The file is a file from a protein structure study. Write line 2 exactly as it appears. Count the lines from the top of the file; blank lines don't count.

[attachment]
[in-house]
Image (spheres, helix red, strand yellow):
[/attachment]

Image (spheres, helix red, strand yellow):